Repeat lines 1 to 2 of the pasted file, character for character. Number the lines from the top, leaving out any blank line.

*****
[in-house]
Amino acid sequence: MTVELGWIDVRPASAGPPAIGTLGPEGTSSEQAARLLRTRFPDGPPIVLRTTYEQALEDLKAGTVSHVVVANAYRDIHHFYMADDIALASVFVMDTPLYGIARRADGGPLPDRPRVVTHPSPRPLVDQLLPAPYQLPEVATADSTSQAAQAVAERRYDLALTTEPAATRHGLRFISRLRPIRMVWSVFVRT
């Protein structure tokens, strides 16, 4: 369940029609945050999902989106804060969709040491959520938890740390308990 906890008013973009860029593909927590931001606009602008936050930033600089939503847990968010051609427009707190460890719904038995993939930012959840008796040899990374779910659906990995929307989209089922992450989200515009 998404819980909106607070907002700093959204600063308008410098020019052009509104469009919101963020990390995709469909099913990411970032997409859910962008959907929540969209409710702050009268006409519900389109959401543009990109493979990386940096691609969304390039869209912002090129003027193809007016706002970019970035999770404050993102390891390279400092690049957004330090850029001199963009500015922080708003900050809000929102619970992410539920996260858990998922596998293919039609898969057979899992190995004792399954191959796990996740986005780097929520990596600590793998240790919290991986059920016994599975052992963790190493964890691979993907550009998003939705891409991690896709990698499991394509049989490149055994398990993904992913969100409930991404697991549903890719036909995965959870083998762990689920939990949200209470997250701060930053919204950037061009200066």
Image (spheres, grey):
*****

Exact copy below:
[in-house]
Amino acid sequence: MTVELGWIDVRPASAGPPAIGTLGPEGTSSEQAARLLRTRFPDGPPIVLRTTYEQALEDLKAGTVSHVVVANAYRDIHHFYMADDIALASVFVMDTPLYGIARRADGGPLPDRPRVVTHPSPRPLVDQLLPAPYQLPEVATADSTSQAAQAVAERRYDLALTTEPAATRHGLRFISRLRPIRMVWSVFVRT